Skip to Content

The Americans Ep. 2.01 “Comrades” returns in fine form

The Americans Ep. 2.01 “Comrades” returns in fine form

the americans 2.1

The Americans Season 2, Episode 1 “Comrades”
Written by Joel Fields & Joe Weisberg
Directed by Thomas Schlamme
Airs Wednesday nights at 10pm ET on FX


The first season of The Americans was full of wigs, silenced pistols, and analogue espionage – but it was also an examination of family, be it professional, personal, or a lot of both, like the Jennings. Season two quickly reminds the audience of this, with the wide-eyed family of deer standing a few feet in front of Elizabeth’s vehicle. There are certainly advantages to being focused on one’s mission – however, when one becomes so focused on their careers, it’s ultimately their family that pays the price. And when your chosen career path is foreign spy living on enemy turf, that price can be deadly: a truth Philip and Elizabeth come face to face with in shocking fashion during “Comrades”.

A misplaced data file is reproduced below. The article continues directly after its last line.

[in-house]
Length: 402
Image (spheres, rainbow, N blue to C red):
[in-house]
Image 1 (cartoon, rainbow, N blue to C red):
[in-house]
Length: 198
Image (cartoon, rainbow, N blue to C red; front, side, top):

“Comrades” opens a few months after the events of “The Colonel”, a season finale that left Elizabeth in critical condition from an FBI gunshot, Claudia’s face really bloody from Elizabeth’s knuckles, and Nina accepting her new mission (attempting to turn FBI Agent Stan Beeman into a KGB informant). Always a show to master its audio cues, the episode opens serenely, the sounds of crickets giving voice to Agent Gaad’s insistence that the “trail’s gone cold” on the two strangers (Elizabeth and Philip) that Stan saw in the season finale. With things calming down (save for Philip’s bloody visit with some Afghans looking to take out Russians with the help of some southern American money) and running smoothly, everyone (except Stan) is celebrating a return to normalcy.